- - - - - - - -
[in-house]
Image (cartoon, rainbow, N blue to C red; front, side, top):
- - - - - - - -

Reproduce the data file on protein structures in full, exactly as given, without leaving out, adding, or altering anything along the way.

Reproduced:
[in-house]
Image (cartoon, rainbow, N blue to C red; front, side, top):